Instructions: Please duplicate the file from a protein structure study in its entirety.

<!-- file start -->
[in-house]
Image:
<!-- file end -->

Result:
[in-house]
Image: